(Editor's Note: This article was originally published on January 20, 2008. Your comments are welcome, but please be aware that authors of previously published articles may not be able to promptly respond to new questions or comments.)

“According to the U.S. Department of Agriculture, one in ten households in the United States experiences hunger or the risk of hunger. Many frequently skip meals or eat too little, sometimes going without food for an entire day. Approximately 25 million people, including 9.9 million children, have substandard diets or must resort to seeking emergency food because they cannot always afford the food they need. In the past year, the demand for hunger assistance has increased by 40%, and research shows that hundreds of hungry children and adults are turned away from food banks each year because of lack of resources.” [1]

With rising prices everywhere you turn, I don’t need to tell you how hard it can be to make ends meet. Demands at food pantries continue to increase every year. There are several kinds of food pantries and kitchens that can use your extras.

ImageSome food pantries are open daily or certain days of the week. They have a storage area (usually small) and fill a bag or two at a time when customers come in. Other pantries have a distribution center set up where volunteers come in once a week (for example), sort and fill boxes and bags, and distribute all of the food to a set group of customers. Some soup kitchens have tables and chairs for eat in service, while others take food to shut-ins, or a combination of the two. Many churches have small pantries, and the local police or social workers know the families who need our help.

Tomatoes are always welcome, but frequently they are the only fresh vegetable donated (that and giant zucchinis). Vegetables you might consider adding are the durable vegetables such as beans, potatoes or squash (don’t let it get too big!), cucumbers, peppers, onions and radishes. If you have fruit trees, plan to share the extras. Apples don’t have to be perfect to make pie!

ImageIf you have a small patio or garden in pots, add one or two extras if you can. Soup kitchens rarely have the extra funds to buy fresh herbs; how much better does a big bowl of vegetable beef soup taste with fresh rosemary? For a special treat, put several items in a brown bag, and include a simple recipe on the front using these ingredients, such as green beans, an onion and a few potatoes. YUM!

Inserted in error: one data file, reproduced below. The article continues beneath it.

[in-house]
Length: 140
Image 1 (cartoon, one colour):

Extra seeds can be traded here on Dave’s Garden to help keep your costs lower. Perhaps you can purchase bean seeds while a friend buys the peppers. Most seed packs come with plenty for two or three small gardens. Get together with your gardening friends to organize who plants what so the hungry in your area get a nice selection of red, green, yellow and orange vegetables, or fresh salad ingredients.Image

Because no two organizations are exactly alike, it would be a good idea to check with the pantry before bringing your extra produce. Rarely do they have large storage areas and refrigerators, so the produce needs to be used quickly. Unfortunately, some kitchens are no longer allowed to accept produce (for safety reasons). Make that phone call first, so food doesn’t go to waste, especially if you have a large quantity. If you can bring in extra grocery bags, that is always a great help.

To find a pantry or kitchen near you, check with your city government, school or church, or go to the Second Harvest web site. Look around your neighborhood, remembering that 1 of 10 families have a need at some time in their life. A person who needs extra food might be right next door.

For more information visit the Garden Writers Association Plant a Row for the Hungry, a nationwide harvest program.

[1] Garden Writers Association Web site, PAR 11/23/07
Pictures by DG Members: GardenGuyKin, greersfolly, cgarvin and bebop2